York County is fine-tuning the way it directs building projects in hopes of reducing red tape for developers, adapting to growth and creating more liveable communities for residents.
Streamlining the process for developers - from planning, to permitting, to construction - and rewriting regulations that might discourage businesses from relocating in the area are two goals of the York County planning and development staff and its civil engineering consultant, Jordan, Jones, & Goulding.
They have been working on revisions to development rules for about a year.
The planning staff presented its recommendations to several members of the York County Council and the public last week.
According to the planning staff, benefits to the public will include more sidewalks, more trees and open space, and less obvious changes aimed at making the community a better place to live.
"The public doesn't want to see clear-cutting, larger trees cut down, unsightly signs and things like that," York County Council Chairman Buddy Motz said.
The changes address those problems and more, he added.
The changes should give the public "the confidence that the developers are being held to a standard they want them to be held to," he said.
Here's a look at some of the proposed major changes:
The county does not require developers to build sidewalks, said Dave Pettine, county planning and development director.
One change includes sidewalk requirements, which will make the county more pedestrian-friendly.
Tree retention and reducing mass grading
"It's cost effective to wipe everything out and have a clean slate, but it's not attractive or environmentally sound," Pettine said.
Mass grading - or bulldozing everything on a property, often produces "moonscapes" - stripped plots of land that create problems with soil erosion.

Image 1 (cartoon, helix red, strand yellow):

An example of a mass-graded neighborhood is The Gates on Eastview Road in Rock Hill, Pettine said.
Beyond a brick entry sign sits an open expanse of nearly empty lots.
Another example is what would have been the Timber Lake subdivision off of S.C. 55 near Clover. Now, it's just an empty field behind a similar brick wall that has nothing written on it.
The county wants neighborhood developers to save 20 percent of the trees on a property.
In addition to the open space already required, this would discourage mass grading.
Open space that makes sense
The county is revising how much open space is appropriate for different business types.
Requiring an industrial business to dedicate 25 percent of its property to open space - and requiring the same of a neighborhood developer - just doesn't make sense, Pettine said.
It could discourage businesses from moving to York County, he said.
Giving the county and public more say
Some changes are aimed at giving the county more power to impose conditions to developments that might have a greater impact on communities around them.
"There currently exists no real tool for the public, council or the planning commission to address concerns that might be addressed at a public hearing," Pettine said.
County planning staff cite a grocery store's efforts to come to Fort Mill as an example of why such changes are necessary.
When Publix, a grocery store chain, decided to build its flagship store in Fort Mill on a plot of land zoned for something much smaller, the residents living in nearby Ashford on the Water, near Pleasant and Gold Hill roads, didn't want it.
Too much traffic, light and noise, they said.
In a series of meetings, Publix representatives attempted to gain the approval of the county and the residents by making changes to its building plan.
To satisfy the neighbors, Publix made changes the county did not require, including shrinking the size of its store and building a fence along the edge of the neighborhood to block light from their homes.
In similar situations, in future projects, the county would be able to require such changes if necessary.
County planning staff has been working with consultants, developers, municipal leaders, and county council on the changes. They hope to have them adopted by the council and implemented by spring.